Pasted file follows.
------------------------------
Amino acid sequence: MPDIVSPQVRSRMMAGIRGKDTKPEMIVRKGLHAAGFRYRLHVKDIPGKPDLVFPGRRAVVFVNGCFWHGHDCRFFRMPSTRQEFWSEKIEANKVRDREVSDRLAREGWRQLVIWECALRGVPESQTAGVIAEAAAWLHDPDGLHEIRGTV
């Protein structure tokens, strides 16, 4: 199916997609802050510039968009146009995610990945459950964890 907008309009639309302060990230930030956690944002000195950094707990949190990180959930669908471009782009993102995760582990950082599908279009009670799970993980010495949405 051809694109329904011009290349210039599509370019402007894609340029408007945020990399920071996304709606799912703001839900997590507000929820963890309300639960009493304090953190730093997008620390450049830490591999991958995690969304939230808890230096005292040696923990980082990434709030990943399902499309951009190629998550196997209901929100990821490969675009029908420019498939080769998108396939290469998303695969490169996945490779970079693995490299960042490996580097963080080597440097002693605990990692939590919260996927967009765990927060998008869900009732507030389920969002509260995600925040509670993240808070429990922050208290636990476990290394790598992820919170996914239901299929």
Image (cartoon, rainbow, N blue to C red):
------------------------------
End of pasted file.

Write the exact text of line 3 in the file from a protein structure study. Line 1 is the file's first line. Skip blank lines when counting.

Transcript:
Image (cartoon, rainbow, N blue to C red):